A systematic review of intervention studies demonstrates the need to develop a minimum set of indicators to report the presence of burn wound infection

A. Davies, F. Spickett-Jones, A. T.A. Jenkins, A. E. Young

Research output: Contribution to journalReview articlepeer-review

11 Citations (SciVal)


Introduction: Burn wound infections result in delayed healing and increased pain, scarring, sepsis risk and healthcare costs. Clinical decision making about burn wound infection should be supported by evidence syntheses. Validity of evidence from systematic reviews may be reduced if definitions of burn wound infectionvary between trials. This review aimed to determine whether burn wound infectionis defined, and whether there is variation in the indicators used to define burn wound infectionacross studies testing interventions for patients with burns. Method: Searches were carried out in four databases (Ovid Medline, Ovid Embase, Cinahl, Cochrane Register of Trials) to identify studies evaluating interventions for patients with burns and reporting a burn wound infection outcome. Pre-defined inclusion and exclusion criteria were systematically applied to select relevant studies. Data were systematically extracted and reported narratively. Results: 2056 studies were identified, of which 72 met the inclusion criteria, comprising 71 unique datasets. 52.1% of studies were randomised controlled trials. Twenty-eight (38.0%) studies reporting a burn wound infection outcome did not report how they had defined it. In the methods of included studies, 59 studies (83.1%) reported that they planned to measure burn wound infection as an outcome. Of these, 44 studies (74.6%) described how they had defined burn wound infection; 6 studies (13.6%) reported use of a previously developed consensus-informed definition of burn wound infection, and 41 studies (69.5%) described the specific indicators used to define it. Studies used between one (11 studies; 26.8%) and nine indicators (2 studies; 4.9%) to define burn wound infection (median = 3, inter-quartile range = 2). The most commonly used indicator was presence of bacteria in the wound (61.0% of studies). Only 13 studies (31.7%) defined burn wound infection using the same indicators as at least one other study. Discussion and conclusions: Within intervention studies reporting burn wound infection outcomes, a definition of this outcome is commonly not provided, or it varies between studies. This will prevent evidence synthesis to identify effective treatments for patients with burn injuries. Since there is no objective method for assessing burn wound infection, expert consensus is needed to agree a minimum set of indicators (Core Indicator Set) reported in all trials reporting burn wound infection as an outcome.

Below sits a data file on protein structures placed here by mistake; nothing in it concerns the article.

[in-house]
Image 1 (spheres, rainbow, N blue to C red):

Original languageEnglish
Pages (from-to)1487-1497
Issue number7
Early online date24 Apr 2020
Publication statusPublished - 30 Nov 2020


  • Burn wound infection
  • Diagnostic indicators
  • Outcome definition
  • Systematic review

ASJC Scopus subject areas

  • Surgery
  • Emergency Medicine
  • Critical Care and Intensive Care Medicine


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